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State Trust Lands:
federal acquisition; state lands; monitoring

Our Position: oppose
Bill Number: HB2700
Sponsor: Thorpe
Legislative Session: 2014 Legislative Session

State Trust Land by Sandy Bahr

HB2700 federal acquisition; state lands; monitoring would have required the State Land Department to identify which state trust lands have been transferred to the federal government since statehood and then to require compensation from the federal government. HB2700 statesd that the Legislature and Attorney General must take steps to recover and acquire all state lands within Arizona that have been acquired by the federal government.

There were many problems with this bill. First of all, many state trust lands that were “acquired” were acquired via land exchanges where the state received land that it then auctioned off for development, so it received compensation for those lands already. For example, many of the state trust lands out by the White Tank Mountains were conveyed to the state via a land exchange and many of those lands have been auctioned and developed. The provisions in this bill would have required the federal tax payers to pay twice for state trust lands, which is certainly contrary to federal law.

Another problem with HB2700 related to the land exchange provisions. It stated that the Attorney General and Legislature could require compensation via in lieu land exchanges. Doing so would be contrary to the Arizona Constitution’s provisions on how a land exchange must move forward. The State Land Department or Attorney General cannot approve a land exchange as a state trust land exchange can only proceed with the consent of the voters. (See Arizona Constitution Article 10, Section 12.) This constitutional amendment was approved by the voters (62% to 38%) in 2012 as Proposition 119.

Status

05/05/2014 - It failed in the Senate.

Action Needed

To see who voted no, click on HB2700 Senate Vote.

More information

You can read the bill by clicking on HB2700.

Contact

Sandy Bahr at sandy.bahr@sierraclub.org.

Background

Text Box: Photo by Julie Sherman.Over the years, the Arizona Legislature has sent many negative messages regarding federal public lands, many of which were aimed at giving the Legislature control of those lands and/or seeking to privatize them.  In 2012, several bills were introduced that took it a step further.  SB1332 was passed by the Legislature and vetoed by Governor Brewer.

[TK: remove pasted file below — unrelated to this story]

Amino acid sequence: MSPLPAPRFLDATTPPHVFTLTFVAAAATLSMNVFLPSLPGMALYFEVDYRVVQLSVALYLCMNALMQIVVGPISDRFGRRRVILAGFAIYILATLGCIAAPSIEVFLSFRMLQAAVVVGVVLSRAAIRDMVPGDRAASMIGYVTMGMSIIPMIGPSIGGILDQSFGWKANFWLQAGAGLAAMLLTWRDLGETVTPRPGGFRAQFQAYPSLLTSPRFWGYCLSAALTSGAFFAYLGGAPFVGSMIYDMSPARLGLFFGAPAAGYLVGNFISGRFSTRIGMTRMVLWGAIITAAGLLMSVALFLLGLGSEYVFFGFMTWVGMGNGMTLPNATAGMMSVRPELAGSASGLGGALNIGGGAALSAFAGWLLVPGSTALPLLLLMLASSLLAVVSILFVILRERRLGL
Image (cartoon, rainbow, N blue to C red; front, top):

Governor Brewer’s May 14, 2012, veto letter on SB1332 stated:

“. . . as a staunch advocate for state sovereignty, we still must be mindful and respectful of our federal system.  The legislation appears to be in conflict or not reconcilable with U.S. Constitution Article IV, Section 3, Clause 2 and Article VI, Clause 2, as well as the Enabling Act.”

Unfortunately, legislative leaders did not pay heed to the veto letter and passed another measure, HCR2004, which was referred to the ballot and became Proposition 120.  Proposition 120 would have amended the Arizona Constitution to assert state sovereignty and to establish that the state had exclusive authority and jurisdiction over air, water, public lands, minerals, wildlife, and other natural resources within the state.  It was an attempt to both gain control of federal public lands and to undermine important federal environmental laws such as the Clean Air Act and Clean Water Act.

Proposition 120 was defeated by more than a two-to-one margin (68% voted no and 32% voted yes) and failed in every county in Arizona!

 

COUNTY

YES VOTES (%)

NO VOTES (%)

Apache

41.1

58.9

Cochise

38.0

62.0

Coconino

28.9

71.1

Gila

37.3

62.7

Graham

44.0

56.0

Greenlee

39.5

60.5

La Paz

37.1

62.9

Maricopa

31.8

68.2

Mohave

37.5

62.5

Navajo

39.5

60.5

Pima

29.2

70.8

Pinal

33.5

66.5

Santa Cruz

30.8

69.2

Yavapai

34.0

66.0

Yuma

37.7

62.3

TOTAL

32.3

67.7

Table shows votes on Proposition 120 by county (in percentage).

Arizona is fortunate to have public lands that provide wildlife habitat, watershed protection, and a multitude of recreational opportunities. They also provide significant economic benefits to our state and our nation.  National Parks alone provide enormous economic benefits. According to the report, 2012 National Park Visitor Spending Effects Economic Contributions to Local Communities, States, and the Nation,

“In 2012, the National Park System received over 282 million recreation visits. NPS visitors spent $14.7 billion in local gateway regions (defined as communities within 60 miles of a park). The contribution of this spending to the national economy was 243 thousand jobs, $9.3 billion in labor income, $15.8 billion in value added, and $26.8 billion in output.”

Assuming that public lands are harmful to Arizona’s economy is unfounded and contrary to numerous studies. The people of Arizona recognize the significance and benefits of these lands. 
     
     

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